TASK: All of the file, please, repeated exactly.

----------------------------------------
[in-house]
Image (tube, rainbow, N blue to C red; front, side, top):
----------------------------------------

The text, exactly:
[in-house]
Image (tube, rainbow, N blue to C red; front, side, top):